2.5 stars. Rated PG-13, for dramatic intensity
By Derrick Bang
I’ll never understand Hollywood.
The actual account of one brave Coast Guard crew’s mission to rescue survivors of the maimed T2 oil tanker SS Pendleton, undertaken during a raging nor’easter off the New England coast on Feb. 18, 1952, is the stuff of unbelievable legend: a saga of bravery, luck and utterly amazing persistence.
Give it to Disney, and it turns into an overcooked, eye-rolling, melodramatic mess.
Granted, the ocean-bound storm sequences are awesome and persuasive, the depiction of the crippled SS Pendleton — literally torn in half by the storm — grimly unsettling on all sorts of levels.
The problem is with character behavior and interpersonal dynamics, as concocted by scripters Scott Silver, Paul Tamasy and Eric Johnson. Rarely have so many people behaved so childishly, so stupidly, so TV soap opera-ishly.
And so bewilderingly.
For starters, it’s impossible to get a bead on our primary hero, Coast Guard Boatswain’s Mate First Class Bernie Webber (Chris Pine), who overplays a blend of shyness, uncertainty and self-censure to the point that he seems incapable of completing a sentence, let alone piloting a vessel. A failed previous mission apparently has left him riddled with guilt, but that scarcely explains the degree to which he’s belittled, teased and dismissed by both the local veteran fishermen, and his Coast Guard colleagues at the Chatham, Mass., Lifeboat Station.
Then there’s his feckless boss, Daniel Cuff (Eric Bana), assumed to be incompetent because his accent brands him as having come from “somewhere else.” The accusation likely has merit, because Bana plays the role with utter bewilderment, as if Cuff doesn’t even understand how to use the station equipment. We’re supposed to believe this?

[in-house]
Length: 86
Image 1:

But nobody can top the childish histrionics of Holliday Grainger’s Miriam, who frequently behaves like a 5-year-old having a temper tantrum. A confrontation between Miriam and Cuff is so howlingly awful, orchestrated so poorly by director Craig Gillespie, that it must be seen to be disbelieved.
We can’t really fault Grainger, who’s obviously limited to her scripted lines, and the “guidance” from Gillespie. Miriam nonetheless remains the worst “devoted gal left behind” that I’ve seen in many, many years.
Nor is the laughably purple melodrama limited to those on land. On board the remnants of the SS Pendleton, as the surviving crew members try to stay alive in the storm-tossed stern section, we’re frequently subjected to the whining, obstreperous objections of the “token naysayer,” crewman D.A. Brown (Michael Raymond-James).
I don’t doubt that the terrified men likely argued about the best method of staying afloat long enough to increase their chances of rescue, but Raymond-James’ petulant, sneering contempt is so embroidered that he should’ve been given a curled mustache and dubbed Snidely Whiplash.
It’s truly infuriating. We can tell, even in this badly flawed adaptation of the nonfiction book by Michael J. Tougias and Casey Sherman, that this should be a tense and triumphant saga ... and yet Gillespie frequently works against his film’s best interests. This isn’t his genre — he’s best known for quirky comedy (Lars and the Real Girl) and Disney’s recent “true-life” sports saga, Million Dollar Arm — and he thrashes about with the clumsiness of this story’s Daniel Cuff.
The prologue actually is rather sweet, as Bernie and Miriam meet for the first time, quickly suffused by the glow of love at first sight. They’re adorable in the conservative manner of an early 1950s courting couple, Pine’s worshipful blue eyes nicely matched by Grainger’s mildly saucy smile.
A few months pass; Miriam asks him to get married, a detail we’d have thought private, but which inexplicably makes the rounds at the Lifeboat Station, furthering Bernie’s apparent emasculation. Ah, but this is the night of the storm in question, and the SS Pendleton already has been rent in two.